Meditation: drink from the well — wonder & curiosity

I think us here to wonder, myself. To wonder. To ask. And that in wondering bout the big things and asking bout the big things, you learn about the little ones, almost by accident. But you never know nothing more about the big things than you start out with. The more I wonder, the more I love. ― Alice Walker, The Color Purple

Wonder by Deakin Dixon
I who flounder in the things of the spirit,
Deep in the things of the flesh, and deep in song.
Burn this self till I can no longer bear it,
Life frenzying my ears like a deep gong –
I, who have not learned to walk as yet
High above men, with dark peace in my eyes,
To walk wisely, knowing only to let
My wise hands covet the trees, desire the skies:
I, abandoned to things bright or ugly,
To all things living, asking bowed or bold,
Marvel at you, wrapped securely, snugly,
In beauty and bearing. You seem strangely old –
Until I suddenly know that you have gone
Through places I have feared to tread upon.

Look up at the stars and not down at your feet. Try to make sense of what you see, and wonder about what makes the universe exist. Be curious.  –  Stephen Hawking

The more clearly we can focus our attention on the wonders and realities of the universe about us, the less taste we shall have for destruction.  ― Rachel Carson

Look at everything always as though you were seeing it either for the first or last time: Thus is your time on earth filled with glory. ― Betty Smith, A Tree Grows in Brooklyn

Wonder is the beginning of wisdom. ― Socrates

Kids think with their brains cracked wide open; becoming an adult, I’ve decided, is only a slow sewing shut.  ― Jodi Picoult, My Sister’s Keeper

The invariable mark of wisdom is to see the miraculous in the common.  ― Ralph Waldo Emerson

Every day we are engaged in a miracle which we don’t even recognize: a blue sky, white clouds, green leaves, the black, curious eyes of a child – our own two eyes. All is a miracle. ― Thich Nhat Hahn

Meditations: immersing ourselves in wild creative energy of life & Spirit

As Kingfishers Catch Fire — Gerard Manley Hopkins
~~
As kingfishers catch fire, dragonflies draw flame;
As tumbled over rim in roundy wells
Stones ring; like each tucked string tells, each hung bell’s
Bow swung finds tongue to fling out broad its name;
Each mortal thing does one thing and the same:
Deals out that being indoors each one dwells;
Selves — goes itself; myself it speaks and spells,
Crying What I do is me: for that I came.

~~
I say more: the just man justices;
Keeps grace: that keeps all his goings graces;
Acts in God’s eye what in God’s eye he is —
Christ — for Christ plays in ten thousand places,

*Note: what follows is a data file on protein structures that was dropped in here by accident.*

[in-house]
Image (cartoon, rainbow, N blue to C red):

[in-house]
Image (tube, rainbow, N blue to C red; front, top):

Lovely in limbs, and lovely in eyes not his
To the Father through the features of men’s faces.

The first peace, which is the most important, is that which comes within the souls of people when they realize their relationship, their oneness with the universe and all its powers, and when they realize at the center of the universe dwells the Great Spirit, and that its center is really everywhere, it is within each of us. ― Black Elk

The Spirit breathes order into creation, but also energizes possibility amid the united, and often chaotic, processes of evolutionary becoming. Dabhar and ruach seem to arise from, and cocreate within, the same foundational energy that has intrigued mystics and scientists over several eons. Energy is a richly endowed concept in many of the great Eastern philosophies. The Chinese Chi, the Japanese Ki, and the Sanskrit Prana are understood to arise from a cosmic energy flow, a vital force hat courses throughout the entire universe … “Chi is a vital, dynamic, and original power that permeates the entire universe and leads to an ultimate unity,” writes theologian Grace ji-Sun Kim. It envelops the personal, social and cosmic realms. At one and the same time it is physical, psychological, and spiritual. —  Diarmuid O’Murchu from In the Beginning was the Spirit: Science, Religion, and Indigenous Spirituality

On life’s journey
plowing a small field
going and returning
— Basho

For ‘the Spirit breathes where He wills, and thou hearest His voice, but canst not tell whence He cometh or whither He goeth.’ He blesses the body that is baptized, and the water that baptizes. Despise not, therefore, the Divine laver, nor think lightly of it, as a common thing, on account of the use of water. For the power that operates is mighty, and wonderful are the things that are wrought thereby. — Gregory, Bishop of Nyssa

But then our solitude is overcome, we are no longer alone, for we find that our innermost self is the spirit, that it is God, the indivisible. And suddenly we find ourselves in the midst of the world, yet undisturbed by its multiplicity, for our innermost soul we know ourselves to be one with all being. ― Hermann Hesse

Fire —  Eunice Tietjiens
~~
Love, let us light